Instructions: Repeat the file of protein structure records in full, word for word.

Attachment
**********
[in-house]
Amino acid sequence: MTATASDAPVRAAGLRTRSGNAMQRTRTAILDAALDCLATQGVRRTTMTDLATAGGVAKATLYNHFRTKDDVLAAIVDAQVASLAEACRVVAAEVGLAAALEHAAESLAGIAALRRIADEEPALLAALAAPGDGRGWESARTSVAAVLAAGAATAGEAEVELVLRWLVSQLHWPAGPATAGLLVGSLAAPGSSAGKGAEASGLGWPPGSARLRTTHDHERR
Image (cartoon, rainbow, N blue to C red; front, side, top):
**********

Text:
[in-house]
Amino acid sequence: MTATASDAPVRAAGLRTRSGNAMQRTRTAILDAALDCLATQGVRRTTMTDLATAGGVAKATLYNHFRTKDDVLAAIVDAQVASLAEACRVVAAEVGLAAALEHAAESLAGIAALRRIADEEPALLAALAAPGDGRGWESARTSVAAVLAAGAATAGEAEVELVLRWLVSQLHWPAGPATAGLLVGSLAAPGSSAGKGAEASGLGWPPGSARLRTTHDHERR
Image (cartoon, rainbow, N blue to C red; front, side, top):